So this feels like a lead up to some great revelation, but sorry to disappoint you. I don’t have one. I plan on continuing to “do me”. Helping out where I can, being selfish when I need to be, and continuing to grow as an engineer. Also I really enjoy off-color jokes – does that make me a bad feminist?

Programming, Tech Women , , , Comments Off on An Unpopular Opinion: Am I a Good Feminist?

Week 4: Losing Power

Dec
07

Another roller coaster week. Worst points: Someone took my laptop charger while I was in lecture, my week 3 assessment was not my finest point, and I miss my cats something desperately. Best points: I worked with my two favorite pair-partners again because I couldn’t handle this week otherwise, I had an awesome girl’s lunch today with 4/5ths of the junior class women (there are 5 of us total), and I made a node.js server!

So I definitely felt my first crazy/not enough sleep/irrational emotions. When my power cord was jacked a couple of days ago I was devastated. In retrospect, I think I’m a little tired and cranky and, like I said previously, I am in desperate need of some kitty cuddle time. I’ve  been in California now for over a month and I still love it, but it’s definitely getting more difficult. There are times I wish I could just zen out and I only really get that on the trains or at midnight in the dark when I should be sleeping so I can wake up and do it all again the next morning at 6am to catch my train.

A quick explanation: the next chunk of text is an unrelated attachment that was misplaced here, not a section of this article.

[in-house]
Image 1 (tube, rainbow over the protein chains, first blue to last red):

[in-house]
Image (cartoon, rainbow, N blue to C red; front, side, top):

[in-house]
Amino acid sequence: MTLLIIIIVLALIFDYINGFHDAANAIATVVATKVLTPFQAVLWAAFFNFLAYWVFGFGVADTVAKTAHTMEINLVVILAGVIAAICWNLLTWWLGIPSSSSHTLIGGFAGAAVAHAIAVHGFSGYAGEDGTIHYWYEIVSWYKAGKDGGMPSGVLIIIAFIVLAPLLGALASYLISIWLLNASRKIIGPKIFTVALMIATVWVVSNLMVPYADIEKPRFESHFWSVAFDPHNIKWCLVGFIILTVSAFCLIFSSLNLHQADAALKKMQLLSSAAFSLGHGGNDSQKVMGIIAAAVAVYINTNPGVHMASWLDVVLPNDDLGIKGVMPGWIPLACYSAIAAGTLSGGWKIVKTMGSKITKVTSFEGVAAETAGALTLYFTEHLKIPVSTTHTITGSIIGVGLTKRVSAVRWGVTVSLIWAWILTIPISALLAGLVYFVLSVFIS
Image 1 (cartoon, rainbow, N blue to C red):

I have never been more excited/motivated to get up in the morning in my life and I can’t get to sleep at night because code and other things are running through my head and along the way something had to give. I’ve discovered that when something has to give it’s my emotional stability. My actual sprints were amazeballs, especially since I had awesome pairs (Sara and Andy, respectively) for my Backbone and Node.js sprints. But in my quiet moments or while I was working solo the doubt and sadness came back.

So I did what I always do when I’m sad – I talked to my parents, a lot. I called them while waiting for the train, I called them sitting on the couch in the Hack Reactor lobby during lunch, and I called them while I drove home at 9pm every night. My dad especially is awesome at making me feel better. He’s always so proud of me and he’s always  interested in what I’m doing. It’s hard sometimes here, but I have an amazing support system both in Oregon and here. My platonic life partner Ava and her husband John have been my rocks in more ways than one. My new awesome friends at Hack Reactor, especially the ladies of the Nov ’13 cohort have been awesome to get to know. And I know all my family, friend, and former coworkers back in Oregon love me and miss me as much or more than I love and miss them.

Thinking about it and even writing about it has helped as well. Getting it off my chest makes it so I can breathe again. So I guess I just want to say, I love you all. Thank you for dealing with me! I really am happy even if I didn’t sound it sometimes this week. If I don’t just sleep all of tomorrow/spend my day in San Jose with other awesome people I love to pieces, I’m going to try to post a non-emotional/tired/whiny post, but honestly, I want to keep this blog real. For me as well as for you and this what has dominated my brain this week.

A Canvas

Sep
27